Peru to quell indigenous protests

LIMA: Peru authorized the armed forces Saturday to back up police to quell indigenous groups' protests over Amazon land, oil and mineral rights, after protestors declared an insurgency against the government.

The Ministry of Defense in a decree said it "authorizes for 30 days the intervention of the armed forces to ensure the continued functioning of essential services in select districts" of five provinces in Peru's Amazon rainforest region.

The military said their involvement seeks to ensure the operation of roads and airports, and the supply of water and electricity.

Protests have erupted in response to government moves to open the region to oil exploration and development by foreign companies under a set of liberalizing decrees that President Alan Garcia signed in 2007 and 2008.

French oil company Perenco last month announced plans to invest more than two billion dollars to develop a field in the Maranon River basin in northeastern Peru, a measure of the stakes involved for the Garcia government.

Alberto Pizango, the leader of a movement of 65 indigenous groups, said they had agreed "to declare our peoples in insurgency against the government of President Alan Garcia in the indigenous Amazon territories.

"This means our ancestral laws will become obligatory laws, and we will regard as aggression any force that tries to enter our territory," he said.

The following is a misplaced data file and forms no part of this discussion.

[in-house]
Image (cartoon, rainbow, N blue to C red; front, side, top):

His statement followed the government's May 8 declaration of a 60-day state of emergency in areas of the Amazon, suspending constitutional guarantees in an attempt to suppress protests, which have targeted airports, bridges and river traffic.

Talks between protest leaders and cabinet chief Yehude Simon in Lima Wednesday failed to defuse the conflict.

"The solution is to revoke those decrees," said Pizango. The decrees eased restrictions on oil and other forms development in territories claimed by indigenous groups.

"This is not a mere whim. The government has not consulted us. We are not against development even though we are portrayed as being against the system. What we want is development from our perspective," he said.

"The government wants to take our territory to give it to the big multinational companies. There are riches there like oil, wood, gold -- riches that arouse the ambitions of the world's wealthy," he said.

The indigenous groups on Tuesday gained the backing of the International Federation of Human Rights, which groups 155 human rights organizations from around the world. It called on Peru to rescind the decrees because of the government's failure to consult indigenous peoples.

Government officials acknowledge that the country's indigenous groups have historically been marginalized, but insist that Peru's constitution makes the state the owner of the country's mineral wealth.

"Undersoil resources do not belong to the indigenous people but to all Peruvians," Environment Minister Antonio Brack told reporters on Tuesday.